Programming is a wonderful mix of art and science; source code is both a poem and a math problem. It should be as simple and elegant as it is functional and fast. This blog is about that (along with whatever else I feel like writing about).

Tuesday, January 08, 2008

Flex: Automatically Compile and Deploy to Server

One thing that's been irking me a little bit about my Flex development process is that I have to upload the SWF to the server in order to test it. Normally you don't have to, but I'm using HTTPService to load XML from the server to populate the components. I really like that feature, but for security reasons, it doesn't allow cross-domain access.

One option is to put a crossdomain.xml file on my web server, but since I'd be testing from a local machine, I'd have to define the allowed domains as "*" ... which probably isn't the best idea. Also, I'm not that excited about hard-coding the domain name of my server into the application. (I currently have them just using absolute URL's, without the domain, ie "/server/api.php".)

Up until now, I've been uploading the file manually with scp after the compile successfully finishes. For that, I have to enter the compile command, check if it was successful, enter the upload command, type my password, and then I'm done. Figuring there must be a way to automate that, I learned that Flex works with Ant, which can do all these things (and allegedly supports FTP and SCP).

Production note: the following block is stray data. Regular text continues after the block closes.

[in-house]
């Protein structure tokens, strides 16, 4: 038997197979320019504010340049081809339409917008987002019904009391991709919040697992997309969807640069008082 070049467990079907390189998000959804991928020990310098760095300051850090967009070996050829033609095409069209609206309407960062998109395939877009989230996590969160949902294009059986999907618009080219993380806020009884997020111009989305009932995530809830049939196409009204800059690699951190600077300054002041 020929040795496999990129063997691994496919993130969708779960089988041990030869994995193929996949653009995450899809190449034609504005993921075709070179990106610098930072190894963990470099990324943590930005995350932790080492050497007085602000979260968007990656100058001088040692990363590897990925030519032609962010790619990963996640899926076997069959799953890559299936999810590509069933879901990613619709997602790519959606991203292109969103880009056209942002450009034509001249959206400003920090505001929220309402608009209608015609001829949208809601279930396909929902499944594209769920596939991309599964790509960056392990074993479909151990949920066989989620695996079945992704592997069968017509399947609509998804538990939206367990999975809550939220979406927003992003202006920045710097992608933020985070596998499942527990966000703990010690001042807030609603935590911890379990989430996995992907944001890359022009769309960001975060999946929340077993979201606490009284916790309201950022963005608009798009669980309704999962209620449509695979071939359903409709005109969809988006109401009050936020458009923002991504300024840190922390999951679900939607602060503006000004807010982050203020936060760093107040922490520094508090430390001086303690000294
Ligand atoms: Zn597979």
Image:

After setting up my build.xml file, I learned that Ant doesn't support FTP and SCP without some esoteric libraries ... which I didn't really feel like hunting down. I thought to myself ... "Why do I have to use Ant, when there must be a way to do this with roughly the same effort as this build.xml file, but that actually does the work?"

Enter Python.


import commands
import pexpect

sourceFile = name of source file
outputFile = name of output file

username = remote username
password = remote password
serverAddress = remote server
remoteDir = path to destination folder on remote server

print "BUILDING..."
(compileStatus, compileOutput) = commands.getstatusoutput('mxmlc -file-specs ' + sourceFile + ' -output="' + outputFile + '"')